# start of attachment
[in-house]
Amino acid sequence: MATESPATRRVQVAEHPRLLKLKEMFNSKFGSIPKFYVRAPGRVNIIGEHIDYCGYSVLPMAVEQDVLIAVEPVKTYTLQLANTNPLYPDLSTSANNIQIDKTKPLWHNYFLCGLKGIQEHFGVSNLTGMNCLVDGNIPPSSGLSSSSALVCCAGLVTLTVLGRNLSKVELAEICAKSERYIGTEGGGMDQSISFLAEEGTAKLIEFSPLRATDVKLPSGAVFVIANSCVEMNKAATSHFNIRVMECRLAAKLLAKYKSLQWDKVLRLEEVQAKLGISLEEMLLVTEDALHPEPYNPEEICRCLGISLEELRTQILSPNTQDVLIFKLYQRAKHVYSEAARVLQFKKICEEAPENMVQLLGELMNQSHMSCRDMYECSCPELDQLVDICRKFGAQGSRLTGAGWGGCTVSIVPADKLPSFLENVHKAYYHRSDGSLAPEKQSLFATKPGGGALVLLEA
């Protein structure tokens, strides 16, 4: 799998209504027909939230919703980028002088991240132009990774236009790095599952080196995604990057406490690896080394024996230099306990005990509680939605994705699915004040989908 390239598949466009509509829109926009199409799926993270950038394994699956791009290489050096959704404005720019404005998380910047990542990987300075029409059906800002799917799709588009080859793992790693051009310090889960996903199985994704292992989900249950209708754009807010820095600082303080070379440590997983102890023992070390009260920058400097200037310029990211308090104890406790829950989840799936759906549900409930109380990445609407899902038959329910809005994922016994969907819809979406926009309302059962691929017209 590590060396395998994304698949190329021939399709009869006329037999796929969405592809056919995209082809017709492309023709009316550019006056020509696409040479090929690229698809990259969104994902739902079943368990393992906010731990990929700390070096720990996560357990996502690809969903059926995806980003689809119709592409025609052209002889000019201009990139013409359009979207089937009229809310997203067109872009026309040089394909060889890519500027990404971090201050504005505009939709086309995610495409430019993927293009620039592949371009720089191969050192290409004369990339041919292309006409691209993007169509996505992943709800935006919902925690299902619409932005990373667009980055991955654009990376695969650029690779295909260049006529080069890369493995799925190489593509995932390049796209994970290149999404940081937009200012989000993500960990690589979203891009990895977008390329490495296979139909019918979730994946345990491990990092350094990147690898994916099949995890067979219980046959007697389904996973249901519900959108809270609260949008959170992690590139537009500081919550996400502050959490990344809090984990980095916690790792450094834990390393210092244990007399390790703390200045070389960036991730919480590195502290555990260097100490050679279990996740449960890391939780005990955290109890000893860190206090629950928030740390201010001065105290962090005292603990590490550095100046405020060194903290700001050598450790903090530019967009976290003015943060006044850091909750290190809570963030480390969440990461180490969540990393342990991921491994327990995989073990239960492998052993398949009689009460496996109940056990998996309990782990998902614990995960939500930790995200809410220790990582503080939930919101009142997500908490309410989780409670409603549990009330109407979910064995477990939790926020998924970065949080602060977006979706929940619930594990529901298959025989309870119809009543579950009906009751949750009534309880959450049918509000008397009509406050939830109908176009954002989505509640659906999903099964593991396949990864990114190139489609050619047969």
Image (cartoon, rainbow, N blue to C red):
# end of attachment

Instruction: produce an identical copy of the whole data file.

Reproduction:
[in-house]
Amino acid sequence: MATESPATRRVQVAEHPRLLKLKEMFNSKFGSIPKFYVRAPGRVNIIGEHIDYCGYSVLPMAVEQDVLIAVEPVKTYTLQLANTNPLYPDLSTSANNIQIDKTKPLWHNYFLCGLKGIQEHFGVSNLTGMNCLVDGNIPPSSGLSSSSALVCCAGLVTLTVLGRNLSKVELAEICAKSERYIGTEGGGMDQSISFLAEEGTAKLIEFSPLRATDVKLPSGAVFVIANSCVEMNKAATSHFNIRVMECRLAAKLLAKYKSLQWDKVLRLEEVQAKLGISLEEMLLVTEDALHPEPYNPEEICRCLGISLEELRTQILSPNTQDVLIFKLYQRAKHVYSEAARVLQFKKICEEAPENMVQLLGELMNQSHMSCRDMYECSCPELDQLVDICRKFGAQGSRLTGAGWGGCTVSIVPADKLPSFLENVHKAYYHRSDGSLAPEKQSLFATKPGGGALVLLEA
């Protein structure tokens, strides 16, 4: 799998209504027909939230919703980028002088991240132009990774236009790095599952080196995604990057406490690896080394024996230099306990005990509680939605994705699915004040989908 390239598949466009509509829109926009199409799926993270950038394994699956791009290489050096959704404005720019404005998380910047990542990987300075029409059906800002799917799709588009080859793992790693051009310090889960996903199985994704292992989900249950209708754009807010820095600082303080070379440590997983102890023992070390009260920058400097200037310029990211308090104890406790829950989840799936759906549900409930109380990445609407899902038959329910809005994922016994969907819809979406926009309302059962691929017209 590590060396395998994304698949190329021939399709009869006329037999796929969405592809056919995209082809017709492309023709009316550019006056020509696409040479090929690229698809990259969104994902739902079943368990393992906010731990990929700390070096720990996560357990996502690809969903059926995806980003689809119709592409025609052209002889000019201009990139013409359009979207089937009229809310997203067109872009026309040089394909060889890519500027990404971090201050504005505009939709086309995610495409430019993927293009620039592949371009720089191969050192290409004369990339041919292309006409691209993007169509996505992943709800935006919902925690299902619409932005990373667009980055991955654009990376695969650029690779295909260049006529080069890369493995799925190489593509995932390049796209994970290149999404940081937009200012989000993500960990690589979203891009990895977008390329490495296979139909019918979730994946345990491990990092350094990147690898994916099949995890067979219980046959007697389904996973249901519900959108809270609260949008959170992690590139537009500081919550996400502050959490990344809090984990980095916690790792450094834990390393210092244990007399390790703390200045070389960036991730919480590195502290555990260097100490050679279990996740449960890391939780005990955290109890000893860190206090629950928030740390201010001065105290962090005292603990590490550095100046405020060194903290700001050598450790903090530019967009976290003015943060006044850091909750290190809570963030480390969440990461180490969540990393342990991921491994327990995989073990239960492998052993398949009689009460496996109940056990998996309990782990998902614990995960939500930790995200809410220790990582503080939930919101009142997500908490309410989780409670409603549990009330109407979910064995477990939790926020998924970065949080602060977006979706929940619930594990529901298959025989309870119809009543579950009906009751949750009534309880959450049918509000008397009509406050939830109908176009954002989505509640659906999903099964593991396949990864990114190139489609050619047969």
Image (cartoon, rainbow, N blue to C red):